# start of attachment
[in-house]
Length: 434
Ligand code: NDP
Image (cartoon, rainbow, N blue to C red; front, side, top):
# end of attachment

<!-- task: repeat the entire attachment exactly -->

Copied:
[in-house]
Length: 434
Ligand code: NDP
Image (cartoon, rainbow, N blue to C red; front, side, top):